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Alte Mozart-Ausgabe

A music sheet
A page from the Alte Mozart-Ausgabe, showing a portion of the Clarinet Quintet, K. 581.

The Alte Mozart-Ausgabe is the name by which the first complete edition of the music of Wolfgang Amadeus Mozart, is known. It was published by Breitkopf & Härtel from January 1877 to December 1883, with supplements published until 1910. The name Alte Mozart-Ausgabe (abbreviated "AMA") is actually a modern invention to distinguish the edition from the second Mozart complete works edition, the Neue Mozart-Ausgabe; the publication title of Breitkopf & Härtel's edition was Wolfgang Amadeus Mozarts Werke. Kritisch durchgesehene Gesammtausgabe.[1] (It is therefore sometimes referred to as the "Mozart Gesammtausgabe".)

One of the guiding lights of the AMA was Ludwig Ritter von Köchel, compiler of the still-standard Köchel-Verzeichnis (thematic catalog) of Mozart's works. From behind the scenes, Köchel worked to have the edition completed, lending valuable scores to the publisher and editors for their work. Among those involved in the actual editing were Johannes Brahms, Joseph Joachim, Carl Reinecke, Julius Rietz, and Philipp Spitta (the noted biographer of Johann Sebastian Bach).[2]

While a notable achievement for its time, the AMA suffered from serious limitations. Frederick Neumann remarks that it "varies greatly in dependability, with some volumes remarkably trustworthy, others far less so". [3] Alfred Einstein expressed dissatisfaction with its presentation of Mozart's "Coronation" Concerto and Marriage of Figaro[4], and Friedrich Blume was particularly severe on what he called the "astonishing frivolity and often complete irresponsibility" of the editors of this edition (specifically with regard to the handling of Mozart's piano concertos), asserting that "the Collected Edition [i.e., the AMA] of Mozart's works and the practical editions based on it offer no more than the skeleton of his compositions."[5]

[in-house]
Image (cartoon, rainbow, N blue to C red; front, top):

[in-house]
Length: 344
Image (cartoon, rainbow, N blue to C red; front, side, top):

There are also certain authentic works of Mozart that were never published in this edition, some because they were not discovered until well after its completion (for instance, the Symphony in F, K. 19a, rediscovered in 1981), as well as a number of works once incorrectly attributed to Mozart which are now known to be doubtful or spurious (for instance, the piece published in AMA as Mozart's Symphony No. 2 in B flat, K. 17, now considered to be by Leopold Mozart).[6]

Therefore, the AMA is no longer regarded as the definitive edition of Mozart's works, and it has been supplanted in this regard by the Neue Mozart-Ausgabe for serious study of the composer's output. However, reprints of portions of the AMA remain widely available from Dover Publications and other firms that specialize in republishing older editions. Parts of this edition are also sometimes encountered in electronic format from various websites that offer online sheet music.

Archival materials of the AMA belong to the fonds 21081 Breitkopf & Härtel, Leipzig, in the Sächsisches Staatsarchiv, Staatsarchiv Leipzig, first of all engraver's models and proof prints, partly correspondence with editors.


  1. ^ Wolfgang Rehm, "Collected Editions," in H.C. Robbins Landon, ed., The Mozart Compendium: A Guide to Mozart's Life and Music. (NY: Schirmer Books, 1990.) ISBN 0-02-871321-4. P. 427.
  2. ^ Rehm, p. 428.
  3. ^ Frederick Neumann, Ornamentation and Improvisation in Mozart. (Princeton, NJ: Princeton University Press, 1986.) ISBN 0-691-02711-0. P. ix.
  4. ^ Alfred Einstein, Mozart: His Character, His Work. Trans. Arthur Mendel and Nathan Broder. (London: Oxford University Press, 1945.) ISBN 0-19-500732-8. P. 314.
  5. ^ Friedrich Blume, "The Concertos: (1) Their Sources," in H.C. Robbins Landon and Donald Mitchell, eds., The Mozart Companion. (NY: Norton, 1956.) ISBN 0-393-00499-6. P. 231.
  6. ^ Stanley Sadie, The New Grove Mozart (NY: Norton, 1983). ISBN 0-393-30084-6. Pp. 193, 197 (Mozart work list).
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Alte Mozart-Ausgabe
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